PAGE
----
Cat Owner Factsheet
Polycystic Kidney Disease
Polycystic kidney disease is a severe disease which causes progressive
kidney failure in cats. It is an inherited condition passed from parents
to their kittens. Affected cats most commonly develop signs of kidney
failure at around 7 years of age. The Feline Advisory Bureau has set up
a scheme whereby cats can be tested for the disease before they are used
for breeding. In the future it may be possible to eliminate this fatal
disease by careful breeding from unaffected individuals.
What is PKD?
Polycystic kidney disease is an inherited condition which can cause severe
kidney failure in cats. It is caused by an abnormal gene in the affected
cat. All cats with the abnmormal gene will develop the disease but because
the signs of disease usually do not develop until the cat is adult it
is possible for a cat to breed extensively (and pass the disease on to
its kittens) before the disease is recognised. The disease causes small,
fluid filled holes (cysts) to form in the kidney, and these gradually
get larger as the cat gets older. As the cysts get bigger they replace
the normal kidney tissue and the kidney is unable to work normally. Kidney
failure is inevitable.
Which cats are at risk of PKD?
PKD is a very rare condition in the typical pet cat. The chance of a cat
developing PKD is higher if it belongs to one of a few breeds. Persian
cats throughout the world appear to have a high chance of having PKD.
A recent study has shown that 4 out every 10 Persian cats in the UK are
affected, and numbers are similar throughout the world. Other breeds which
are related to Persians are also at high risk of the disease. The disease
is common in Burmillas and 1 in 5 Exotic shorthairs in the UK test positive
for the disease.
How do I know if my cat has PKD?
Cats can be screened for the presence of disease before they start to
show signs of kidney failure. If you own a cat which is one of the breeds
at risk of PKD then it may well have come with some sort of certification
from the breeder. Breeding cats should be screened for PKD before they
breed and only cats with a negative test result should be allowed to breed.
If a cat's parents are both free of the disease then it will not have
disease. If your cat is in a high risk breed group and its parents have
not been tested then you can arrange for a screening test to be done.
What does the test involve?
The test for PKD is quite simple. The cat's kidneys are scanned with ultrasound
(just like pregnancy testing in humans) to see if any cysts can be seen.
Some cats will need to be sedated so that they will lie still enough for
examination and sometimes a small patch of fur will need to be clipped
so that the ultrasound can get good contact with the skin. Cats must be
10 months old before they can be given a certificate to say that they
do not have PKD, because the cysts may be too small to detect before this
time. In order for a breeding certificate to be issued the cat must have
a microchip implanted at the time of scanning so that its identity can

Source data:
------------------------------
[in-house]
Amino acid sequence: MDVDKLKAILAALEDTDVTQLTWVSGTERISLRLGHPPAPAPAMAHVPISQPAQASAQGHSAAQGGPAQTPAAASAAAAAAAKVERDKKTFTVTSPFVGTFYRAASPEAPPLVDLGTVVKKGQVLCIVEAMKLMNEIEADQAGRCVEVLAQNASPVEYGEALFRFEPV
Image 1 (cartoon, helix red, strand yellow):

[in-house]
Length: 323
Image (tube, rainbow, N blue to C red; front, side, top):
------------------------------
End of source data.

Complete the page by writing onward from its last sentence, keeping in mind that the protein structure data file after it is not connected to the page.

Where can I get my cat tested for PKD?
The ultrasound test for PKD requires special facilities so that you can
be sure that the result is accurate. Your vet will usually have to refer
you to a specialist if you require a certificate. If you are not planning
to breed from your cat (or you do not require a certificate) your own
vet may be able to scan your cat and tell you whether or not your cat
has kidney cysts.
Can PKD be treated?
Cats with PKD have progressive kidney disease which will ultimately lead
to kidney failure. The disease cannot be treated but if your cat does
develop renal failure there are some treatments which may help to improve
its quality of life. Sadly the disease is ultimately fatal. The only way
to prevent future cats suffering the same fate is to make sure that affected
cats are not allowed to breed.
How do I find a kitten without PKD?
Reputable breeders will have all their breeding cats tested for PKD. They
should only be breeding from cats without PKD. If both parents are free
of disease the offspring will all be unaffected. Occasionally a breeder
needs to have a litter of kittens from an affected cat, provided the other
parent is disease free, some of the kittens may be unaffected. The kittens
can be scanned to check whether they have disease or not. Remember that
it is not possible to confirm that a cat does NOT have PKD before 10 months
of age (although severely affected indivduals may be detected earlier).
How is PKD passed on?
PKD is an inherited disease passed from parents to offspring in the genes.
It is not contagious and affected cats are born with the disease (although
signs may not develop until later in life).
How can I find out more about the disease and testing scheme?
The Feline Advisory Bureau can give advice on the disease and the scheme
(see details below). A useful website is available at www.felinePKD.com.
X-rays and ultrasound
Samples - how they help your vet
Additional advice on all aspects of cat healthcare can be obtained from
the feline advisory bureau (FAB).
Taeselbury, High Street, Tisbury
Wilts, SP3 6LD
Tel: 01747 871872 Fax: 01747 871873
If you want any other information on health issues concerning your cat
please contact your veterinary surgeon who will be happy to advise you.